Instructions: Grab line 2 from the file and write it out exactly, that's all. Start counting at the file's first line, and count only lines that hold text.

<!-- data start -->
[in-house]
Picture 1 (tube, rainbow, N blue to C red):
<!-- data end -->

Picture 1 (tube, rainbow, N blue to C red):